No. of Recommendations: 0
OK you foolish mathmaticians, I need a little help. Im not the greatest with math so here goes. Im trying to decipher exactly how this works and how much money I would make on intermediate savings account.

If Providian National is offering an APY of 5.25% on $2000 that's being compounded daily. How do I really figure out how much money I'd be getting in interest for sayyy 2yrs.

Appreciate all responses.
Print the post Back To Top
No. of Recommendations: 1
OK you foolish mathmaticians, I need a little help. Im not the greatest with math so here goes. Im trying to decipher exactly how this works and how
much money I would make on intermediate savings account.

If Providian National is offering an APY of 5.25% on $2000 that's being compounded daily. How do I really figure out how much money I'd be getting in
interest for sayyy 2yrs.


Correct me if I'm wrong, but I believe that Annual Percentage Yield (APY) is how much your money earns in a year, and takes into account the compounding. Therefore, after one year, your $2000 gains 5.25% and thus becomes $2105. The second year, that $2105 gains 5.25% and becomes $2215.51.

Annual Percentage Rate is a smaller number. To convert to APY, you must divide APR by the number of compounding periods, and that to one, raised that number to the number-of-compounding-periods-in-a-year and subtract one.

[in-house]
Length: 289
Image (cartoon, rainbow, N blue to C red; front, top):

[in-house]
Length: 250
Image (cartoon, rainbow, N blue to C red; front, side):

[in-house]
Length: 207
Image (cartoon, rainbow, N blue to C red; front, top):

Assume APR of 5.117% and daily compounding (365 days a year [this year, at least.])

APY = ((1 + (APR/365))^365) - 1

APY = ((1 + (0.05117/365))^365) - 1 = 0.0525 (5.25%)

People borrowing your money (savings accounts, etc.) like to quote APY, as it is a larger number, and people loaning you money (CC's, car loans, etc.) like to quote APR as it is smaller.

John
Print the post Back To Top
No. of Recommendations: 0
People get freaked out by the difference between APR and effective loan rate quoted on loan documents. Often, the effective loan rate is higher than the quoted APR because fees (doc stamps, loan booking charges, etc.)are financed into the loan as part of the interest, rather than the principle. Which is nice, actually, since that way you don't end up paying interest on a tax or fee as well as the money you borrowed. It does, however, dink with the calculations in strange and mysterious ways, and many of the people who close loans every day have no idea why there is a difference.
Print the post Back To Top
Advertisement